We have evaluated over 4,000 patients with a history of reactions to penicillin(s) (penicillin, amoxicillin, or cephalosporins). After evaluation and testing, we have found that approximately 90% of these patients can safely take these drugs without fear of a life-threatening reaction. Realizing that these patients had reactions prior to being seen, how does one explain this apparent discrepancy? There are several possibilities:
- We do know that truly allergic people, with time, can lose their sensitivity to penicillin.
- An infectious agent (such as viruses or bacteria) and not necessarily the antibiotic could have caused the initial reaction.
- If amoxicillin is taken when a patient is infected with certain viruses, such as infectious mononucleosis, a rash can develop.
- Amoxicillin can cause a non-itchy measles like rash in 7-10% of all people who take it. The majority of people who develop this reaction can take penicillin(s) again without a life threatening reaction or even a recurrent rash.
- In some cases there is no explanation.
To prove a penicillin allergy exists, skin testing with penicillin and one of its breakdown products are used. You will be tested with what we call the major breakdown product of penicillin (PrePen), plain penicillin, and in some patients, ampicillin or cephalosporin. In addition, skin testing with salt water (to which no one should react) and histamine (to which everyone should react) is used to help distinguish between negative and positive skin test reactions. Depending on the patient's history and age, testing usually will consist of these reagents being placed on the forearm and then scratched with a little scratcher (small plastic disposable peg). A positive reaction will look like a mosquito bite at the site of the scratch. Ten to fifteen minutes later, if this shows no reaction, a small amount of each reagent (five to six) will be injected under the skin with a small sterile needle and observed for fifteen minutes for a "mosquito bite" like reaction. This is called intradermal testing. If after fifteen minutes the intradermal skin tests show no reaction, some people will then immediately be given a penicillin or related antibiotic in the office and observed for sixty minutes. The oral penicillin is either given as a single dose or in divided dosages. Others might be asked to observe the area where intradermal tests were placed for up to 72 hours, looking for a "mosquito bite" type reaction, before receiving the oral penicillin or related antibiotic. If, after an hour, you have had no reaction to penicillin, you will then be sent home and may be asked to take further dosages of the antibiotic tested and / or a related antibiotic, observing for the development of any rash. The chances of a rash occurring are rare. The rashes are usually mild and self-limiting. If a rash occurs, stop the antibiotic and call the office. The history, skin test, and oral challenge will take approximately two hours. Depending on the history and the age of the patient, some people will be brought back four to six weeks later to be re-skin tested to see if perhaps you might have been resensitized by taking the penicillin. This will take approximately twenty minutes. We have found that this occurs only in a very small number of patients. However, because of this possibility, if the physician feels the skin tests need to be repeated, it is very important for it to be done before we can say that you can safely take penicillin in the future.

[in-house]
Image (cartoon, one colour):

What we do is called elective testing. We feel that the best time to test a child or an adult is when they are well and not in immediate need of this antibiotic. It may not be practical to test when a patient is sick. We have found that the skin testing is safe, and following a negative skin test, no one has ever suffered a severe life threatening reaction when given the penicillin. We feel that if your penicillin evaluation is negative, it is safe for you to take penicillin in the future, because your chance of experiencing a reaction is no greater than it would be for a person without a history of penicillin allergy.